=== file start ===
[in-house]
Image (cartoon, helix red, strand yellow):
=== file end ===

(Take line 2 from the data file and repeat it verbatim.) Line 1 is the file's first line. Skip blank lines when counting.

Image (cartoon, helix red, strand yellow):